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Old 03-19-2008, 08:34 AM   #1
wastingtime
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Registered: Sep 2004
Posts: 77

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how to configure flash 9 in firefox to use a specific alsa device


My machine has a built in sound card and I also use USB headphones.
The machine is set to use ALSA.

I figured how to configure amarok, xine such that when the headphones are plugged in the audio plays through the headphones, and when they are not plugged in it plays through the speakers

However, I can not make firefox + flash 9 play through the headphones - the sound always go to the speakers.

Using audacity I noticed that when I plug the headphones it lists new ALSA device, and also /dev/dsp1 . And indeed by selecting /dev/dsp or /dev/dsp1 I can tell audacity to play either through the speakers or the headphones. When I unplug the headphones, the additional alsa device and /dev/dsp1 disappear.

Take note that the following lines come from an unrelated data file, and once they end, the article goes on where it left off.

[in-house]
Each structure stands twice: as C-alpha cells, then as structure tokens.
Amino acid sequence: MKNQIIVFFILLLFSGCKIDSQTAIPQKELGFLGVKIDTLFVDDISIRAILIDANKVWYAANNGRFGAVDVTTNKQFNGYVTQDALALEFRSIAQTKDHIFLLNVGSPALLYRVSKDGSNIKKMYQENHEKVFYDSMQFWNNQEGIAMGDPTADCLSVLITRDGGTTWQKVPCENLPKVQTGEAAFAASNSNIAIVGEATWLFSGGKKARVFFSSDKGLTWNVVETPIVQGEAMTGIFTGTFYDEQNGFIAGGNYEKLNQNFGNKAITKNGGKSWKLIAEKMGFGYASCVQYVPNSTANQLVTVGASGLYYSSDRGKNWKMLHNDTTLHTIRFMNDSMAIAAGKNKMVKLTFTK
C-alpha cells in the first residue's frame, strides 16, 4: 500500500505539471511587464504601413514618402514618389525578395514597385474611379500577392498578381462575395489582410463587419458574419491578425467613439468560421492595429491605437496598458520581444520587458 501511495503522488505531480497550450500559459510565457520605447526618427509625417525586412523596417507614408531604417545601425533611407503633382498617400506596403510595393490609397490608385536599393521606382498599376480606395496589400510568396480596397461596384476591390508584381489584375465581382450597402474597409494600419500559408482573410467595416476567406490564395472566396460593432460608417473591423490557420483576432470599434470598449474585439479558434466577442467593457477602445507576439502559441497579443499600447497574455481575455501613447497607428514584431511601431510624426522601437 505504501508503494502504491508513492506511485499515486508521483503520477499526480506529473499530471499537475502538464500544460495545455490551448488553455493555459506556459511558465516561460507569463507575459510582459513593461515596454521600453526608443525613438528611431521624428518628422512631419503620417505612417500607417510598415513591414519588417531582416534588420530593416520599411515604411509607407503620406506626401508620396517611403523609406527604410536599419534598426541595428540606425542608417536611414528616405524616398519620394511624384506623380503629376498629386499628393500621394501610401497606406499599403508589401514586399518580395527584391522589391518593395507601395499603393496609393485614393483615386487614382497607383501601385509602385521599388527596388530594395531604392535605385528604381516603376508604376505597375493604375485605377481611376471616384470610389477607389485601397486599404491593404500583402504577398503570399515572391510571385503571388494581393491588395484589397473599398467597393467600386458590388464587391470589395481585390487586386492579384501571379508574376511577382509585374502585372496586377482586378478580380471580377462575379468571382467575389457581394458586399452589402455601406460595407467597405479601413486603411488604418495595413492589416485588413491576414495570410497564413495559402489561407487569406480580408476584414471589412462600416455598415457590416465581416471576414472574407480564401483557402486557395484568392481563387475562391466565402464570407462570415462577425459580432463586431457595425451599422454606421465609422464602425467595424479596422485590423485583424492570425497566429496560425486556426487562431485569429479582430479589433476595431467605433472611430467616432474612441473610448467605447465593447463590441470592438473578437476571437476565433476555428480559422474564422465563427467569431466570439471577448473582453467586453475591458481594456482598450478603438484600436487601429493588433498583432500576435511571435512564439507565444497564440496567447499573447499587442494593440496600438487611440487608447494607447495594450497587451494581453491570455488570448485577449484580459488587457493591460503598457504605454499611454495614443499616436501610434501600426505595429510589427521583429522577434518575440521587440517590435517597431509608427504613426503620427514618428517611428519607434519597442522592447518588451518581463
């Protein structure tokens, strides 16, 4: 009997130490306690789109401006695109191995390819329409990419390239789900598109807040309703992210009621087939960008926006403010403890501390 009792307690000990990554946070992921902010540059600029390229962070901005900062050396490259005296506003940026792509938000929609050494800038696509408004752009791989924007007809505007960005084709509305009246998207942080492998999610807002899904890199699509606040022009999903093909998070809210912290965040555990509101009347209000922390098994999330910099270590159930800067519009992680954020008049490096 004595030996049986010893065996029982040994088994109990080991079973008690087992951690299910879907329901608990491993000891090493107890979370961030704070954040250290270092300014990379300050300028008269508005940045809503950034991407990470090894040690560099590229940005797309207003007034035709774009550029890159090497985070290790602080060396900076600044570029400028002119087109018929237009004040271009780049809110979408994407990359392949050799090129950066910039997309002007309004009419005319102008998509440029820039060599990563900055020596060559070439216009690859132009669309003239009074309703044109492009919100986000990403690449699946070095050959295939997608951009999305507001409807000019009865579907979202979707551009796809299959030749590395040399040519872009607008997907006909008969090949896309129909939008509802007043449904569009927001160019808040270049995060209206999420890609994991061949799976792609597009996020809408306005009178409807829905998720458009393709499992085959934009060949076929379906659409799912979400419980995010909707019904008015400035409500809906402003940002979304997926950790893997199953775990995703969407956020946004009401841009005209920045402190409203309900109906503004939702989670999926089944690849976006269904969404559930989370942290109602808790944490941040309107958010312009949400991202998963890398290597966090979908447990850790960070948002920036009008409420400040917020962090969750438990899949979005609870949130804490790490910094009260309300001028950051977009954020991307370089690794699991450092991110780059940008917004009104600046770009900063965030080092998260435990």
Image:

I found a post that said use aoss (separate package from synaptic) and specify /dev/dsp1. That did not work and after more reading I learned that flash 9 in firefox uses ALSA (where the old flash 7 used OSS so the aoss solution might had worked for it)

So my question is how do I tell flash 9 in firefox to use a specific alsa device.

An alternative would be to swap the order of the ALSA devices so flash 9 finds the headphones first.
Ideally, that would work in such a way that when the headphones are plugged they are the first device, and when not plugged the speakers are.
Or it could use a script that you run to select which device is first (i.e. the default)
 
Old 03-20-2008, 01:46 PM   #2
pwalden
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Registered: Jun 2003
Location: Washington
Distribution: Fedora FC19, Raspbian
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Probably not a good solution, but on my Fedora 7 laptop, if you boot with the USB sound plugged in, it sets up the USB sound as the primary alsa device, while the built in sound is ignored. Thus fash 9 goes to the USB.
 
Old 03-21-2008, 04:52 PM   #3
wastingtime